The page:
Lost P.T. Anderson Footage Of Elliott Smith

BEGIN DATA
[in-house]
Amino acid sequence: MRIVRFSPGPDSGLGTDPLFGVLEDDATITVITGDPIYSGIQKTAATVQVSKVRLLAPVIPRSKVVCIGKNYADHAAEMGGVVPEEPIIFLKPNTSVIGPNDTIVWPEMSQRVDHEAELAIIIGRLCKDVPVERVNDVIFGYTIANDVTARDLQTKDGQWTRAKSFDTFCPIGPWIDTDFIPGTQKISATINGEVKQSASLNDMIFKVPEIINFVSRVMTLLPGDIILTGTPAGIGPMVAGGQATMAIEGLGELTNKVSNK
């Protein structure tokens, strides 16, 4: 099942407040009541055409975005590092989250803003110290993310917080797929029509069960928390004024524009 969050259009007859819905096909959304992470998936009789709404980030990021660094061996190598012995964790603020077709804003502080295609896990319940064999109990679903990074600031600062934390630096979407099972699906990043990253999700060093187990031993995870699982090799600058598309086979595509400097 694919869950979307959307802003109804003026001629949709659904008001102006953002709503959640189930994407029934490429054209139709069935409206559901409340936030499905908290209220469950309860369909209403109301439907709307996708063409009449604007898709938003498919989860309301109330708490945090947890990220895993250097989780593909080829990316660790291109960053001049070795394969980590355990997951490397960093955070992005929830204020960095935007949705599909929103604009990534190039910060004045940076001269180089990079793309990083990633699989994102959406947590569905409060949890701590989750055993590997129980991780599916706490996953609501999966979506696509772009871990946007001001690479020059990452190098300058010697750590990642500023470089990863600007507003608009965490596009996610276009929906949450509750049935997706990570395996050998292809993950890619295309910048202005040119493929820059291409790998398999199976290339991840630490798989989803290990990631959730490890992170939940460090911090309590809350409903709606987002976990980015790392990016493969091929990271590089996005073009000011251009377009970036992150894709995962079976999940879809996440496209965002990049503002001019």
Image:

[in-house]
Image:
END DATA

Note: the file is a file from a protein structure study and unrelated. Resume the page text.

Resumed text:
PREVIOUSLY: Near the end of The Royal Tenenbaums, Wes Anderson’s storybook cinematic fable of wasted potential, the character of Richie, a disgraced world-class tennis player with a dark secret, looks soulfully into the bathroom mirror. It’s impossible to say what he’s thinking–he looks scared, confused, angry, on the verge. A tensely strummed acoustic guitar spirals in the background, accompanying a hushed, faintly ominous vocal. It’s Elliott Smith’s “Needle in the Hay.” Richie picks up a scissors and methodically, if crudely, crops his shoulder-length tresses down to the scalp. He lathers up his lumberjack beard and shaves it clean. He stares hard in the mirror, unblinking, trying to recognize the face he sees.The music swells, whispery and unnerving. He nods slightly, pops the blade out of the razor and slashes his wrists. In the end, Richie Tenenbaum is saved. Elliott Smith was not. Last week he was found in his apartment in Los Angeles, dead from a self- inflicted knife wound to the chest. Sad to say, deep down nobody who knew him is really all that surprised. He lived in an orbit of despair, and he bore all the usual scars: inconsolable depression, unshakeable addictions, suicidal tendencies. He was not a pretty man, but his music could win beauty contests. Over the course of five albums, he managed to channel a profound sadness into aching, velveteen folk-rock carols. The best of them sound like mercy itself. Eerily, his entire songbook sounds like a cry for help: harrowing, deeply wounded lyricism wrapped in gorgeous lullaby melodies. That phrase–”a cry for help”–seems so obvious and cliched I’m embarrassed to type it. But that doesn’t diminish its tragic license for truth. What makes a man plunge a knife into his chest? What makes a man jump off a bridge? Or stick a needle in his arm? The short answer is as obvious as it is cliched: to relieve unbearable pain. That much is undeniable, and yet it explains almost nothing. As old as life itself, suicide remains the cruelest existential riddle. A surrender to the void, a fuck-you to the world. A desperate peace wrested from ordinary horror. MORE

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